Who Knows and Trusts You?
One of the big lessons is that people with money to invest have to know you and trust you. Without any connection, you have little hope they will invest in your business. Even with a link, it still takes preparation, a great presentation, and lots of follow-up and discussion to convert them into being an investor. You either have the connections, or have someone on board who does.
Having sat on the venture capitalist’s side of the table for years, Paul really knew what investors wanted to hear, and how they wanted to hear it. Don’t underestimate the level and format of analysis required. Many professional investors are quite business savvy, and will make you do your homework. A typical full-bodied business plan is just a start. As you take control of the business (or as it starts rolling), matching your performance to the plan becomes increasingly critical.
Keeping the Peace with your Family
Running a business that is short of cash is a strain, without doubt. But running a business that is short of cash and is soliciting multiple rounds of investment is a bigger strain. You’ll need the support of your spouse and kids if your home life is to remain stable during the critical early stages. Explain the reality of the undertaking to them, and be clear about the sacrifices that they will make if they agree. A divorce in the midst of financing rounds is a distraction at best.
All the analyses and meetings focus on showing prospective investors the quality of the investment opportunity. So it stands to reason that you need a great opportunity. By great, we don’t mean a business that will return 3%, 5% or 10% on invested capital – that’s the province of banks and the stock market. Investors want more for the extra risk inherent in small companies. No matter how smart a CEO you are, if the business and industry can’t throw off much higher ROI through significant growth, you won’t attract the investment you need. Take your time finding an opportunity where there is truly an urgent need, a uniquely valuable solution for the need, and a large enough group of potential customers to sustain a growing, profitable business.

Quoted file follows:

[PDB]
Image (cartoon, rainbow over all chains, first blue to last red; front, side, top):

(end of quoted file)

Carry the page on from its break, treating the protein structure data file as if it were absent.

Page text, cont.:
Bringing in OPM isn’t about easing the strain on the CEO. It is about the excitement of creating value in the marketplace. With all the hard work and pressure comes the opportunity to build a company of substantial scale that solves some real problems. In Novazone’s case, it’s about increasing the safety and quality of food and water without the use of toxic chemicals.
• Raising rounds of financing absorbs large amounts of time.
• Tight cash management is still needed to hit plan, and survive until the next round.
• The more people you know, the more likely you will get investors.
Robert Sher is principal of CEO to CEO, specializing in assisting CEOs and business leaders as they navigate critical passages. He is the author of The Feel of the Deal; How I Built a Business through Acquisitions. He may be reached at Robert@ceotoceo.biz.
Company and Case Facts:
Company: Novazone, Inc.
Person: Paul White, CEO
Alliance Member since: 2004
Business Founded: 1995
Growth Rate: Averaging about 100%
Head Count: 28
Product: Ozone-based solutions to improve the quality of food and water, making them fresh and safe
Typical Customer: Food packers, processors, shippers and retailers, bottled water processors, pharmaceutical and personal care products manufacturers
Written: October, 2005
Address: Novazone, Inc., 2575 Collier Canyon Road, Livermore, CA 94551
Web Site: www.novazone.com